One of the most prevalent criticisms of President Bush was that he wouldn't acknowledge that he made mistakes and thus stubbornly refused to alter his decisions based on new information. This charge was most prominently associated with his policy in Iraq. During the campaign, Barack Obama attacked John McCain for having a similar trait.
"We've seen this movie before," Obama said at a May 2008 campaign event. "A leader who pursues the wrong course, who is unwilling to change course, who ignores the evidence. Now, just like George Bush, John McCain is refusing to admit that he's made a mistake."
Obama, we were told, was more self-reflective, substituting Bush's coyboy swagger for sober introspection, which would allow him to admit error. However, with his political standing continuing to erode, President Obama is demonstrating the same type of intransigence that he once criticized in Bush.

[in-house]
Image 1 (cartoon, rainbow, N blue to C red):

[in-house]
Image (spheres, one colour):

Instead of acknowledging that the $862 billion economic stimulus package was a dismal failure that did not produce the promised four million jobs, his administration continues to tout it as a major success. Now, he's announcing plans for yet another round of government spending, making the same arguments that he made when selling the original plan.
In addition, the New York Times reports that Obama is going to dig in on raising taxes on those earning more that $250,000 a year, even though many of them are small business owners filing as individuals. These marginal tax increases during a severe economic downturn come on top of a raft of new tax hikes as a result of the national health care law he rammed through Congress in the face of overwhelming opposition from the American public.
Obama captured the White House on the idea that he was different than President Bush, not just in terms of policy substance, but also in governing style. He may just lose the presidency by replicating one of Bush's most prominent flaws.
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